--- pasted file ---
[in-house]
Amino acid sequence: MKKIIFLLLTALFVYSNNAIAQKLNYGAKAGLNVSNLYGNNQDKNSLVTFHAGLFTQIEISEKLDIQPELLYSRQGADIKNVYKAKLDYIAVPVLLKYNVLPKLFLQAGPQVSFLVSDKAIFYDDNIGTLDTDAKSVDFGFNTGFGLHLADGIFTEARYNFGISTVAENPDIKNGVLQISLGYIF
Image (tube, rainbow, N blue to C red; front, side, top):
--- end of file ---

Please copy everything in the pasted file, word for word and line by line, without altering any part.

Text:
[in-house]
Amino acid sequence: MKKIIFLLLTALFVYSNNAIAQKLNYGAKAGLNVSNLYGNNQDKNSLVTFHAGLFTQIEISEKLDIQPELLYSRQGADIKNVYKAKLDYIAVPVLLKYNVLPKLFLQAGPQVSFLVSDKAIFYDDNIGTLDTDAKSVDFGFNTGFGLHLADGIFTEARYNFGISTVAENPDIKNGVLQISLGYIF
Image (tube, rainbow, N blue to C red; front, side, top):